A new study in the journal Science evaluates the status of unassessed global fisheries. While the results suggest that most fish stocks suffer dramatic declines, if people act now to put in place proven solutions, there is hope for the oceans and those that depend on them.
Co-author of the paper, Steve Gaines, dean of the Bren School of Environmental Science and Management at the University of California, Santa Barbara and Rare trustee, spoke to Rare about his new scientific findings.
What motivated you to do this research?
Fish play a really important role in terms of food and livelihoods for people around the world and yet we know very little about the status of fisheries. In fact, our view of how fisheries are faring has really been dominated by a minute fraction. We know a lot of information about just a few hundred fisheries out of about 10,000 global fisheries. Those few hundred are the ones that are worth a lot of money and potentially could be giving us a really biased view about how the rest of the world’s fisheries are really doing.
How are the rest of the world’s fisheries doing?
Unfortunately, they are not doing as well as the ones we know a lot about. And that makes sense. It is hard to make good decisions about fisheries if you don’t know the status. If we have a target of where fisheries produce at their maximum rate, let’s say that is a value of one. We found that the average fishery on the planet was at about 60 percent of that target, substantially worse off than we want to be in terms of providing the greatest production of food and the greatest livelihoods for people that depend on the oceans.
The other important thing we found was small fisheries—very common throughout the tropics, where there is the highest biodiversity and where local people most depend upon their local fishery as a source for food—were in even worse shape. They were at a value of about half the target. That means that if we fix the problem, we would double the number of those fish in the ocean and in many cases you would double the catch.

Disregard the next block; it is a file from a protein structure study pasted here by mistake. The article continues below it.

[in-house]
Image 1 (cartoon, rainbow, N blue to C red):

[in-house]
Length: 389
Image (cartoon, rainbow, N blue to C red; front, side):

“The real need here is something that is exactly what Rare provides.”
How did you come up with these estimates?
The reason why it is hard to assess most fisheries is that you cannot see them. Unlike counting deer or a really interesting parrot that we can walk in the forest and count, it is really hard to count fish. And that is what we need to know. We need to know how many fish there are in the ocean to be able to estimate how many we can take out sustainably. The only real information we usually have is how many we are taking out. Our approach was to use the information of how many we take out to tell us something about how many fish there are. We used a variety of statistical tools to get a really good estimate of how many fish are still in the ocean on the basis of information that is available for a lot of fisheries—how many fish are being caught, how many have been caught in the last few years, what is the recent trend, how quickly the fishery developed, how fast the fish grows, how early they mature—and by combining those data, we estimated for the first time how many fish are in the water.
How accurate are these estimates?